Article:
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Overview of Task Force 2021 and Beyond

Task Force 2021 Opening Charge

Covid-19 required the MIT community—individually and together—to suddenly redefine the way we live and work, the way we learn and teach, and the way we conduct research. It forced a radical withdrawal from the campus in spring 2020, and imposed a serious financial threat to the Institute and to many in our community. There may be no full return to our familiar “normal.”

While MIT continues to manage through this emergency, Task Force 2021 and Beyond will seek to use the lessons of this extraordinary time to explore how the Institute might invent a new future in which it and others can thrive. The task force will ask, What have we learned about what we treasure most in the MIT experience? What aspects of this experience caused the most frustration? What worked better than we hoped? And what might be open to constructive change?

The task force will distill and apply the knowledge we have gained together to help us imagine an MIT that is better, safer, more flexible, more effective, more efficient, more sustainable, more inclusive, more equitable, more affordable, and more financially resilient in the long term, while sustaining the Institute’s distinctive values and culture and its dynamic approach to education, research, and innovation.

In short, by drawing on expertise and experience from across the community, Task Force 2021 and Beyond is charged with developing the blueprints for building a better MIT.

Addressing the New Normal

Example of areas that have been impacted globally by the Covid-19 pandemic:

  • Economy
  • Global trade
  • International relations
  • National politics
  • Employment/jobs
  • Education
  • Health care
  • Sustainability
  • Retail
  • Travel and hospitality
  • Commercial real estate

Areas at MIT that have been impacted by the Covid-19 pandemic include the following:

  • Institute finances, including endowment, future giving, and the global economy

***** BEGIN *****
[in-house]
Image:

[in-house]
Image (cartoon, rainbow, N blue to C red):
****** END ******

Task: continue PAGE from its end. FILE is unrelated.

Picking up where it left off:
• Student/family financial health
  • Education
  • Research directions and funding
  • Student life
  • Job market
  • International relations
  • Commercial real estate
  • Approaches to work, including working from home, hoteling
  • Digital transformation

Process Summary

Phase One

Phase One of the Task Force called on the working groups of the four Task Force workstreams to generate ideas and proposals per the charge of the task force. During this phase, dozens of working group meetings took place in addition to task force plenary sessions, a community forum, engagement with an Alumni Advisory Group and a Student Advisory Group, other consultations, and a community-wide idea bank. Over 50 ideas were developed by the working groups in Phase One, and these were announced and posted for community comment in mid-December 2020.

Phase Two

Phase Two of this effort focused on refinement and implementation planning for the phase one ideas. The primary vehicle for advancing this work were sixteen Refinement and Implementation Committees (RICs) charged to develop specific and concrete proposals, and define implementation plans for those proposals. 


Task force co-chairs

Rick Danheiser, Chair of the Faculty; Arthur C. Cope Professor of Chemistry

Sanjay Sarma, Vice President for Open Learning; Fred Fort Flowers (1941) and Daniel Fort Flowers (1941) Professor of Mechanical Engineering

Phase one task force members

Phase two task force members

Phase One structure

Structure of the MIT 2021 and Beyond Task Force

Phase Two structure

Summary Themes of Ideas and RICs

The ideas of the RICs were organized into five themes, shown in the “dome” graphic below. The base represents the need for the Institute to enhance and upgrade various systems and processes. The pillars correspond to the overhauling needed in response to the lessons of 2020. The dome describes a key outcome that has become even more important for the years ahead.